In addition, burning smells after hard braking could mean that the brake fluid has burnt out and needs to be replaced. In this case, it is important to pull over your vehicle into a safe place and give it time to cool down before continuing on your journey.

 It is also important to contact a local mechanic for insight and schedule a service visit as soon as possible. Driving with burnt brake fluid can create more serious issues including complete brake failure so it is essential to get the problem checked out by an experienced professional. By taking these steps, you can ensure that your brakes are in good working order and keep yourself safe on the roads.

Change in Pedal Feel

Muscle memory is crucial when it comes to driving; it helps you in situations where quick thinking isn't an option. However, this same muscle memory also helps to detect the slightest of disturbances.

When moisture enters your brake oil, it causes the boiling point to fall. This, in turn, might cause the fluid to expand, leading to a change in the brake pedal's feel. This can also increase the stopping time required. All these are indications to replace or flush out your brake fluid.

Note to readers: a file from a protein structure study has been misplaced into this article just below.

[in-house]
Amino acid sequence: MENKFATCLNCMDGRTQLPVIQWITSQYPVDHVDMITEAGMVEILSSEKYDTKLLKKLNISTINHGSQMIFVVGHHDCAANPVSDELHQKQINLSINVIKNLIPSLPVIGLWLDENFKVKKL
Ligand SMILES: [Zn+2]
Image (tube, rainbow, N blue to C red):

Even if it's difficult to understand whether your brake oil needs flushing out, you can perform a simple test on your brake oil periodically.

Tests can be conducted right from home using test strips or electronic brake fluid tester kits. This will let you know if the moisture level of the brake fluid should be changed.

Video on How to Change Your Brake Fluid

Frequently Asked Questions

1. Can brake fluid last 10 years? 

No, brake fluid should not last 10 years. However, changing your brake fluid every two years or 24,000 miles is recommended, whichever comes first. This will ensure that your brakes are working properly and efficiently.

2. How long does brake fluid really last?

Brake fluid typically lasts between two and three years or 24,000 miles, whichever comes first. It is important to check your brake fluid regularly and replace it when necessary to ensure that your brakes are working properly and efficiently.